Yesterday we had the good fortune of having Ethan (my cousin Peter’s son) visit my grandmother. Peter’s family is visiting the US from Taiwan; Ivy, Jack, and I were over at my grandmother’s house to see Peter & Ethan… and to eat my grandmother’s amazing beef noodle soup.
Ethan hasn’t been in the United States for a couple of years now, and my grandmother was ecstatic to see him. My grandmother is always happy to see her grandchildren, but it’s been a while since I’ve seen so much joy and engagement in my grandmother’s eyes. Ethan and my grandmother are 3 generations apart… which must be even more special for my grandmother. She carefully and patiently observed Ethan’s every single action and actively talked to / questioned him as he was busy drawing.
It was a special moment for me. Not only because my grandmother was over-joyed to see Ethan… but also because it reminded me of how my grandfather used to look at Jack and me. My grandfather’s eyes were always filled with joy, love, and amazement. Everything that Jack and I did, my grandfather saw significance. He made us feel amazing. His confidence in us led us to have confidence in ourselves.
I started considering why grandparents and grandchildren have such a special relationship that is uniquely different than the relationship parents/children share. Having been raised by my grandparents in Taiwan until I was three, I’ve always known how unique the relationship is. Some thoughts on why:
I’d be remissed not to mention that I also felt some sadness watching Ethan. I wish my grandfather could have seen Ethan. He would be so happy to see that his great grandchild is beautiful, smart, and thoughtful. He would look at Ethan with the same eyes he lovingly looked at Jack and me with.
I’m not a solution to your problems. I’m another problem. — Joan Holloway in Mad Men: “Chinese Wall” (Season 4, Episode 11)
Today I joined Salesforce.com’s Service Cloud Product Team, focusing on Chatter Answers and their future mobile products. I’m super excited about this opportunity and about the company. There is such an amazing opportunity to help companies improve their relationships with customers; as people increasingly use mobile devices to receive customer service… the possibilities are incredible.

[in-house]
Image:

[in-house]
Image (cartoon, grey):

I’m also really loving working at The Landmark @ One Market on the Embarcadero in San Francisco. A huge thank you Antony for referring me to the position as well.
Updated Linkedin Profile
Not every decision is an economic decision,” “…it’s a free country. You can sell your shares of Starbucks and buy shares in another company. — CEO of Starbucks Howard Shultz in response to a shareholder “disturbed” by Starbucks support for gay marriage
The reason you haven’t felt it is because it doesn’t exist. What you call love was invented by guys like me, to sell nylons. — Don Draper, Mad Men
I was deeply deeply deeply saddened to hear that Betty passed away today. I think that Ivy said it best: “She was a beautiful, fearless, and strong woman… and we are grieving.” When I heard the news, I immediately was in disbelief that something like this could happen and was very emotional. I just spoke with Betty 2 weeks ago and she seemed ok. I could never have thought that it would end up this way.
While I wasn’t close with her, the most lasting memory that I have of her was the huge hug that she gave me when I went to her going away party around June of 2012. She will definitely be missed.
I haven’t posted in a while! It’s been a super busy couple of weeks but coming out from it now.
This week I gave my 2-weeks notice at Saba and began the process of putting my home in Mountain View on the market. Lots of changes, a bit of sadness, and most importantly a great deal of optimism. 2013 is blowing by so quickly and I’m excited to see what the rest of the year holds.
When two people decide to get a divorce, it isn’t a sign that they “don’t understand” one another, but a sign that they have, at last, begun to. — Helen Rowland
I miss Taiwan… haven’t gone back in a few years. (Photo Credit)